Ubuntu Server Edition, built on Debian GNU/Linux, has established itself as one of the most popular and well documented GNU/Linux server distributions. The Long Term Support (LTS) version of Ubuntu Server is provided with security updates for five years from the release date. This long term commitment ensures a stable base for deployment. Beginning Ubuntu LTS Server Administration From Novice to Professional aims to teach all you need to know to begin administering Ubuntu Server. The book covers installing, configuring and the systems administration tasks for Ubuntu Server Edition.
The book's cover
From the outset, I began to have my doubts that this would be an ideal reference work for someone new to GNU/Linux system administration. Confusing sentences like, “An Apache web server at home does have some other requirements – as a corporate database server, for example.”, seem to permeate the book. The phrase, “the most important”, occurs so often that it became a game to see when it would come up next.
Covering basic installation, the author suggests no less than three different types of filesystems for a general server: ext2, ext3 and XFS. XFS is a high performance filesystem for handling large files and smooth data transfers, not an ideal choice for a file and print server. Perhaps a section on which filesystem types are best for specific server roles would be more informative for someone new to GNU/Linux filesystems.
Advancing through the chapters, there are minor technical errors as well as some unusual descriptions of GNU/Linux terms and concepts. For example, the book correctly indicates that most system scripts are executed with the dash shell; more correctly described as a POSIX-compliant implementation of the Bourne shell (/bin/sh). The author incorrectly states that dash is the default shell for all users. The Bourne-Again Shell (bash) is the default shell for users, which is correctly reported in later chapters.
The overview on updating and maintaining packages doesn't clearly explain the relationship of the dpkg package management program and APT...
The overview on updating and maintaining packages doesn't explain clearly the relationship of the dpkg package management program and APT, the Advanced Package Tool, and how APT relies on and works with dpkg. When explaining how to compile and install software from sources, the author explains how to install the GNU Compiler Collection (gcc), which on its own will not be sufficient. In practice the recommendation is to install the build-essential packages, which include tools and utilities (as well as gcc) needed to compile programs.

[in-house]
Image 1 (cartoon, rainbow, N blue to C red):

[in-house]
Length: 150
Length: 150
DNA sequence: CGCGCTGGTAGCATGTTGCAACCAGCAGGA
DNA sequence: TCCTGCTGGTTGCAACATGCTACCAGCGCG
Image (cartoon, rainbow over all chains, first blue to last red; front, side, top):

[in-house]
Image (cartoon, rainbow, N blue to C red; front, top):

There are numerous other examples of concepts, origins and practices that I disagree with. I was disappointed, as I had hoped this would be a book I could refer others to for system administration. Despite the errors and explanations, the topics covered offer a good overview of Ubuntu server administration. I would use this book as a supplement to other resources and not as a primary source of information.
The book is four hundred and twenty four pages long in thirteen chapters. "Setting the System to Your Hand" is an unusual title for a chapter on system customization, tuning and monitoring. Likewise, "Running It Any Way You Like" is a confusing title for an introduction to Bash shell scripting. The remaining chapters deal with basic system services provided by a server. Some chapters cover their topic in sufficient detail, others only touch them briefly.
Who is this book for?
This book is aimed at novice Ubuntu Server administrators. With the technical errors, unclear explanation of system administration concepts and uncommon practices, it falls short of its aims. Although there is good information for a system administrator, someone with a knowledge of GNU/Linux concepts will notice the shortcomings. I have university students or colleagues consistently request recommendations for GNU/Linux system administration books but I could not recommend this one to them.
Relevance to free software
Ubuntu Server is currently a very popular GNU/Linux distribution. The book covers a version of Ubuntu Server with an extended support cycle. Since Ubuntu is Debian GNU/Linux based, a significant amount of information also applies to it.
While not an ideal book, there is some good information contained inside
While not an ideal book, there is nevertheless some useful information in it. There is overall coverage of system administration, from installation to Internet services. So I would suggest it as a reference work for a somewhat more experienced system administrator.
There is very little coverage of backing up a server. The chapter on virtualization could have been eliminated and more emphasis placed on backups or other administration tools. The shortcomings of the book and my general misgivings on how concepts are presented prevents me from making it one of my recommended reads.
||Beginning Ubuntu LTS Server Administration: From Novice to Professional, Second Edition
||Sander van Vugt